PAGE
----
Horacio Zabala is a conceptual artist who lives in Buenos Aires, Argentina. Trained as an architect, he frequently incorporates into his work architectural plans or representations of the built environment evoked through language or signs. Zabala’s interest in physical structures elicits an exploration of the very purpose and utility of artistic expression, while also gesturing outwards to the political situation in his native Argentina.  Indeed, the earliest works in this show were created amidst a thriving backdrop of conceptualism and systems art, as well as of the socio-political context of political oppression, between the fall of one dictatorship and the beginning of another.[1] Rodrigo Alonso suggests that the work points “to the risk of complicity that architecture runs in the case of being placed at the service of an authoritarian system.”[2] This makes Zabala’s interest in the architecture of oppression or safety—the jail or the bomb shelter—all the more poignant.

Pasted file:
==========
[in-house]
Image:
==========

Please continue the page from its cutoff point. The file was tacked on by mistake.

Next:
Systems art has an important history in Argentina; it found institutional support from the influential Centro de Arte y Comunicación (CAyC) and its director, Jorge Glusberg, who was at the forefront of international trends in the visual arts in the late 1960s and 1970s. Glusberg was ever sensitive to the sociopolitical connotation of art created in an oppressive regime like that in Argentina at this time, writing: “from the viewpoint of semiotics, art is an ideological discourse [….] By way of artistic acts, man can become aware of his social reality.”[3] Zabala’s work, which was shown in the seminal exhibitions of systems art at CAyC, shares with Glusberg an interest in the scientific method, semiology, and how art functions within a society. Later, Zabala reflected: “In the field of the visual arts, relationships between things stimulate me far more than the things themselves. Accordingly, in my work with monochromes, signs, furniture and cartography, I attempt to force relationships, to point out analogies and to divert uses.”[4] Herein perhaps lies the key to understanding his work. It makes us look at things known intimately with fresh eyes and ponder how they could be put to an alternative use. The most jarring of such analogies is the one seen emblazoned on so many works in the show—Art is a Jail—a statement he first arrived at in 1972. Zabala’s hand is shown writing the phrase or stamping it with ink onto paper. This is quite shocking coming from a visual artist who has chosen this path. What does it mean for art to be a jail? On one level, it describes the confining limitations of art as an institution, [5]  but the proliferation of the motif in highly varied works begs a closer look.